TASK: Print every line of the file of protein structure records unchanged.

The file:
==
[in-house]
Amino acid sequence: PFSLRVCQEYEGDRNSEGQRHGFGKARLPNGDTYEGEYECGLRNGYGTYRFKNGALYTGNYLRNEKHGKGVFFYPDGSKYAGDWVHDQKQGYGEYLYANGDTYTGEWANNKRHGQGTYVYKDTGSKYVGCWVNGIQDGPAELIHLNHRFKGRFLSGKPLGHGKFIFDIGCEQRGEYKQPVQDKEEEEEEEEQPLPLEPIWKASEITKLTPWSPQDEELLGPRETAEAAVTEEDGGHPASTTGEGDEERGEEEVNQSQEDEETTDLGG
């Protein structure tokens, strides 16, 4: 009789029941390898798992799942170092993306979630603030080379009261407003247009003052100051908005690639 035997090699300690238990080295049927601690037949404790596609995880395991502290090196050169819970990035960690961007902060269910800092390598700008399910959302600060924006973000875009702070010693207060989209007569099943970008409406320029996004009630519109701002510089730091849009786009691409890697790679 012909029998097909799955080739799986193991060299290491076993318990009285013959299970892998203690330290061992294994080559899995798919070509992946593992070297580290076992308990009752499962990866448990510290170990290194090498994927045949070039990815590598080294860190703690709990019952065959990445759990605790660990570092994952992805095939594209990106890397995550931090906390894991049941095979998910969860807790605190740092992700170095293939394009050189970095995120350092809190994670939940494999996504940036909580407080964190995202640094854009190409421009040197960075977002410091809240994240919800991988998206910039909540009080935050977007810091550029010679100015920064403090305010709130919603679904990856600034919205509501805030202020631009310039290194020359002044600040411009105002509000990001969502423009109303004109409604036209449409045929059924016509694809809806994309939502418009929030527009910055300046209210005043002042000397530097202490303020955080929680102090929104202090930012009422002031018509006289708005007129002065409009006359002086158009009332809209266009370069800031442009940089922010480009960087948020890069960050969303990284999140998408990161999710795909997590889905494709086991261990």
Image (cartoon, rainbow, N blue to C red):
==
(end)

[in-house]
Amino acid sequence: PFSLRVCQEYEGDRNSEGQRHGFGKARLPNGDTYEGEYECGLRNGYGTYRFKNGALYTGNYLRNEKHGKGVFFYPDGSKYAGDWVHDQKQGYGEYLYANGDTYTGEWANNKRHGQGTYVYKDTGSKYVGCWVNGIQDGPAELIHLNHRFKGRFLSGKPLGHGKFIFDIGCEQRGEYKQPVQDKEEEEEEEEQPLPLEPIWKASEITKLTPWSPQDEELLGPRETAEAAVTEEDGGHPASTTGEGDEERGEEEVNQSQEDEETTDLGG
């Protein structure tokens, strides 16, 4: 009789029941390898798992799942170092993306979630603030080379009261407003247009003052100051908005690639 035997090699300690238990080295049927601690037949404790596609995880395991502290090196050169819970990035960690961007902060269910800092390598700008399910959302600060924006973000875009702070010693207060989209007569099943970008409406320029996004009630519109701002510089730091849009786009691409890697790679 012909029998097909799955080739799986193991060299290491076993318990009285013959299970892998203690330290061992294994080559899995798919070509992946593992070297580290076992308990009752499962990866448990510290170990290194090498994927045949070039990815590598080294860190703690709990019952065959990445759990605790660990570092994952992805095939594209990106890397995550931090906390894991049941095979998910969860807790605190740092992700170095293939394009050189970095995120350092809190994670939940494999996504940036909580407080964190995202640094854009190409421009040197960075977002410091809240994240919800991988998206910039909540009080935050977007810091550029010679100015920064403090305010709130919603679904990856600034919205509501805030202020631009310039290194020359002044600040411009105002509000990001969502423009109303004109409604036209449409045929059924016509694809809806994309939502418009929030527009910055300046209210005043002042000397530097202490303020955080929680102090929104202090930012009422002031018509006289708005007129002065409009006359002086158009009332809209266009370069800031442009940089922010480009960087948020890069960050969303990284999140998408990161999710795909997590889905494709086991261990």
Image (cartoon, rainbow, N blue to C red):